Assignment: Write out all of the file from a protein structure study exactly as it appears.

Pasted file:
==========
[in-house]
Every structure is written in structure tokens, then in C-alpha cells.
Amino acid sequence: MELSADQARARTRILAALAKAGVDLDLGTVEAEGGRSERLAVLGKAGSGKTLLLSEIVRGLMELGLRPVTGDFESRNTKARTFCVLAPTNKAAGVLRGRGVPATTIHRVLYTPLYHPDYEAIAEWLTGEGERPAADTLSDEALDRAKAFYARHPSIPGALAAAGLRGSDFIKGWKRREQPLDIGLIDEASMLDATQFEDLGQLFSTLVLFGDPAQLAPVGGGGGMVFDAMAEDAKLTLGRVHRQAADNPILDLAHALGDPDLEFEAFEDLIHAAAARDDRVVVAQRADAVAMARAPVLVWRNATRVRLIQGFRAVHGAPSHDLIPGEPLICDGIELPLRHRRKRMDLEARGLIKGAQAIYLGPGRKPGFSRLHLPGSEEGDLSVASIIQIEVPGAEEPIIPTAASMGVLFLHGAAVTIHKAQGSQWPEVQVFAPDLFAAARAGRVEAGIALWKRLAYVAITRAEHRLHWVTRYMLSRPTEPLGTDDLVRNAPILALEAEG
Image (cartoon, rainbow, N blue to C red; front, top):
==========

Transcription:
[in-house]
Every structure is written in structure tokens, then in C-alpha cells.
Amino acid sequence: MELSADQARARTRILAALAKAGVDLDLGTVEAEGGRSERLAVLGKAGSGKTLLLSEIVRGLMELGLRPVTGDFESRNTKARTFCVLAPTNKAAGVLRGRGVPATTIHRVLYTPLYHPDYEAIAEWLTGEGERPAADTLSDEALDRAKAFYARHPSIPGALAAAGLRGSDFIKGWKRREQPLDIGLIDEASMLDATQFEDLGQLFSTLVLFGDPAQLAPVGGGGGMVFDAMAEDAKLTLGRVHRQAADNPILDLAHALGDPDLEFEAFEDLIHAAAARDDRVVVAQRADAVAMARAPVLVWRNATRVRLIQGFRAVHGAPSHDLIPGEPLICDGIELPLRHRRKRMDLEARGLIKGAQAIYLGPGRKPGFSRLHLPGSEEGDLSVASIIQIEVPGAEEPIIPTAASMGVLFLHGAAVTIHKAQGSQWPEVQVFAPDLFAAARAGRVEAGIALWKRLAYVAITRAEHRLHWVTRYMLSRPTEPLGTDDLVRNAPILALEAEG
Image (cartoon, rainbow, N blue to C red; front, top):